It is not unusual at medical meetings to encounter physicians, both clinicians and pathologists, who express frustration over disorders of the subcutaneous fat. It is interesting to speculate on the reasons for this relative unpopularity of panniculitis. Despite the admitted importance of subcutaneous fat as a mechanical cushion and as a metabolic and thermal regulator, many people in our society spend inordinate amounts of time and money trying to get rid of it! The depth of the subcutis, when compared to that of the other "compartments" of skin (ie, the epidermis and dermis), may lend it an aura of "remoteness" for some dermatologists. There is a daunting clinical sameness to the panniculitides, since many of them at some stage in their development present as erythematous subcutaneous nodules that are frequently located on the legs. Things are little better for the dermatopathologist. Predictably, these conditions begin with acute inflammation, are followed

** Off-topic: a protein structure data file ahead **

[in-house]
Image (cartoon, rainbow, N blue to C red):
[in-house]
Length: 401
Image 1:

Patterson JW. Panniculitis New Findings in the `Third Compartment'. Arch Dermatol. 1987;123(12):1615–1618. doi:10.1001/archderm.1987.01660360043010
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